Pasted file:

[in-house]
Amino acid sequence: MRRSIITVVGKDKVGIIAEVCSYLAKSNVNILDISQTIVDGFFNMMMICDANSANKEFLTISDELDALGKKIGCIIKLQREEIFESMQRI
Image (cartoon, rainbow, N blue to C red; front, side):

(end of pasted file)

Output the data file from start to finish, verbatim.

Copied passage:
[in-house]
Amino acid sequence: MRRSIITVVGKDKVGIIAEVCSYLAKSNVNILDISQTIVDGFFNMMMICDANSANKEFLTISDELDALGKKIGCIIKLQREEIFESMQRI
Image (cartoon, rainbow, N blue to C red; front, side):